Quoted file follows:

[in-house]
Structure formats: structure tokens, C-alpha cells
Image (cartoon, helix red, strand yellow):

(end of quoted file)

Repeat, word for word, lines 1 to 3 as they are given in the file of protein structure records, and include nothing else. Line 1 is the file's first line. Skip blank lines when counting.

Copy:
[in-house]
Structure formats: structure tokens, C-alpha cells
Image (cartoon, helix red, strand yellow):